Handmade crafts made and designed by the artisan are defined as a handicraft. If we further elaborate Handicraft, it is an art solely created by hand without using any kind of machinery! The process of making handicraft requires a different type of goods and skilled people who can convert decorative items out of papers, clays, wood, rock, fabric and much cheaper and easily available tools from nature. It is essential to have the favourable geographical condition and skilled labours for the rich tradition of making handicraft for cultures and societies throughout the world. Hence, India has a rich and continuous tradition in creating handicrafts and its antiquity can be traced to the Harappan Civilization. Throughout this vast land, variety of technique, craft and motif are used to create handicraft depending upon the cultural, climatic and geographical diversity. India is privileged enough to possess some very highly skilled artisans and also has managed to preserve these artisan’s art. Till date, many rural communities earned their livelihood from the creative pieces of handicrafts; each state of India has its unique style of handicrafts creation. India is said to be the mass manufacturing base for 80 per cent handicraft supplied all over the world due to its popularity and high demand in the international market. The fame of these indigenous goods is so prevailing these years that India Post has issued series of commemorative stamp illustrating theme Handicraft on stamps to mark this immortal masterpiece which is unique in its own traditional and cultural ways.
As mentioned above, all of the 28 states of India have developed and flourished their own small and large scale industries of handicraft manufacturing. These colourful masterpieces are the major attraction landmarks used by the locals to attract tourists. It is also a souvenir to remember the unique culture and tradition of a region.
Dhokra is the lost wax casting technique on non-ferrous metal. This casting technique has two methods of casting solid casting and hollow casting. The traditional metal smiths practising this art belong to the Dhokra Damar tribe from West Bengal and Odisha. This casting technique is found all over India as the Dhokras of Central and Eastern India travelled south as far as Kerala and north as far as Rajasthan.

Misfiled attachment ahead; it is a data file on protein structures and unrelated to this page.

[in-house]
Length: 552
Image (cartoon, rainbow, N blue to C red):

The technique also gets its name from the same tribe. The evidence of Dhokra metal casting is traced to the Indus valley civilization for over 4000 years. The dancing girl found in the excavation of Mohenjo-Daro city is one of the earliest artefacts created by lost wax metal casting technique.
In 2002 India Post issued a commemorative stamp in the series of Handicraft on stamps. The stamp depicted a metal bull cast from this technique; in 2018 the Alidabad Dokra of Telangana was given Geographical Indicator tag.
The traditional jewellery making technique practised in Rajasthan also known as Meenakari. The ornamentation of this jewellery is done in gold on the coloured glass surface. The technique of making this design is the closely guarded secret passed from father to son.
Though it was developed in 1767, it is believed the art was invented in 1707 by Nathu Lal Sonewal. It received the patronage of the Maharaja of Kishangarh (Princely state) Samant Singh. It was famous among the Kings of Mewar but it flourished during the Mughal period.
India Post issued a set of four stamps in 2002 commemorative series Handicraft on stamps, one of the stamps depict Thewa art ornaments: a plate and a locket with green and red coloured glass with the old metal intrinsic and delicate design over it.
Cane and Bamboo Work
This handicraft has a widespread tradition all over the country. The history of this handicraft can be traced back to the 2nd century AD. The furniture created by cane and bamboo features lucidness and comfort due to aesthetic beauty and appeal. It covers the wide expanded land rich in the natural recourses such as Assam, Sikkim, Nagaland and Arunachal Pradesh.
The classical literature has talked about the huge bamboo and cane forest in these areas. Ptolemy talks about the hills and marshes of eastern India and referred the uses of these materials for building bridges in the area of Assam. In Hashacharitra, Bana also gives evidence about the highly developed craft sent by King of Assam Bhaskara Varma to Emperor Harsha. The goodies were carried in the baskets of variously coloured reeds, thick bamboo tube and birds in the Bamboo cages.
This handicraft is mostly a household or cottage industry product. No mechanical process is used to produce it. This craftwork has provided part-time employment to cultivators in the lean season and full-time employment for the highly skilled artisans who produce the finest decorative baskets and Chalani.
In 2002 India Post has issued a series of four stamps in a miniature sheet. These stamps depicted different handicraft; one of them features the Cane and Bamboo work. The stamp features a flower pot and jar made of cane and bamboo.